Nerds are generally not very good at being funny. If you want evidence of this, look at the way movies like Monty Python and the Holy Grail have been wrung dry by nerds who missed the point of the irreverent humor in favor of quoting the same lines until the sun has burned out into a tiny ember. In board games, several things compound this problem: Many game designers come into games through math or programming, which doesn’t provide much room for humor, and tabletop games are frequently forced to jettison theme for superior gameplay.
But being funny is great! So how can we add humor to board games in ways that will make people laugh?
My theory is there’s effectively two types of comedy in games: “Jim Carrey” style and “Leslie Nielsen” style. Let’s examine both of them.
Every movie with Jim Carrey in it is essentially about a single wacky person being super wacky in a setting where everyone else is pretty much normal. There might be some fiction elements, like the birthday wish in Liar, Liar that stops Carrey’s character from lying, but for the most part the movies are about Jim Carrey being a goon in a weary world.
The game comedy I categorize under “Jim Carrey” is the games that don’t take themselves seriously and intentionally make jokes. The Munchkin franchise immediately springs to mind, especially since the original draw of the game was as a parody of the self-centered band of dungeon crawling murder hobos, and nearly every card has some kind of joke on it. Other games handle this a little more subtly, like Galaxy Trucker, which is ostensibly a tense resource-management game but is couched in the theme of building a ship out of toilets and flying it into the sun.
One would expect that every party game falls under the banner of Jim Carrey-style comedy, but the genre has more finesse than one would expect. There certainly are party games that attempt to appeal based on jokes alone, like Cards Against Humanity, Say Anything, and the aforementioned Quiplash, but not every game is presenting you with premade jokes or expecting you to write them. More on that later.
The issue with Carrey-style comedy in games is twofold. First, jokes frequently clash with the need for players to take the game seriously. If people think the rules don’t really matter, then they aren’t going to follow along, and worse, may abandon a game partly through. Second, games, more than movies or TV shows, are designed for repeat experiences. Any joke is going to stop being funny if people see it over and over, and indeed that’s been a complain for many of the games I’ve mentioned.
Leslie Nielsen’s movies, including Airplane! and The Naked Gun, are the opposite: Nielsen maintains a straight face through an avalanche of one-dimensional characters, slapstick injuries, and visual gags. It could be said that Nielsen was effectively a dramatic actor who has been transplanted into a farce, and most of the comedy in these films hinged on his ability to keep everything from devolving into total chaos.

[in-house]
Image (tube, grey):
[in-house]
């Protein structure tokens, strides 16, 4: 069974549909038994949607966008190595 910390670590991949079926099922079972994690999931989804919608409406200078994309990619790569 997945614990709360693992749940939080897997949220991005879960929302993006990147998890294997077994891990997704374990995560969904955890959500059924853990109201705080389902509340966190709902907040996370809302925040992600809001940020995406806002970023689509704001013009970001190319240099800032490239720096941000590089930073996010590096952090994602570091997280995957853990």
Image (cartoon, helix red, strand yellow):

The board game equivalent of Nielsen is games that seem serious but are designed to inspire funny behavior from the players themselves. While the table devolves into laughter and screaming, the game continues to putter along, offering a springing-off point for comedy to arise. This is best achieved by social games that have some kind of communication constraint, forcing players into bizarre interactions in a bid for victory.
The best illustration of this concept is the social game Spyfall, which I’ve written about in previous entries. As I mentioned, the point of the game is to be ambiguous – to give some indication that you know where you are but not to let the spy know your location. The game is deadly serious (despite the cartoony art), but the verbal acrobatics players have to go through to win are almost always hilarious, even if they aren’t good at comedy.
This last part – that Nielsen-esque comedy in games can make normally unfunny people funny – is why party games that use this straight-faced humor style are superior. Some people simply aren’t good at making others laugh, and games that require that skill will alienate people who continually get penalized for a skill they don’t have. However, games that make players generate humor inadvertently will lead to people being funny without meaning it, which is a lot easier. Snake Oil is a good example: The judge doesn’t select the funniest invention, they select the one most suited for them, which means players are more focused on meeting that goal than on coming up with a joke.
I’m a big fan of Nielsen-style comedy in board games for multiple reasons; I think it’s better-suited to the medium and creates more personal memories for the people playing it. However, a dash of silliness in games, especially ones that are very gloomy and serious, can help provide much-needed levity. I definitely wouldn’t enjoy Dead of Winter as much as I did without Sparky the Stunt Dog’s inclusion.
When thinking about making a funny game, see if you can design it so that most of the humor is generated by the players. It’s more sustainable and often leads to better gameplay. However, giving your players a shot in the arm, often to get them started, is a perfectly valid strategy. Good luck!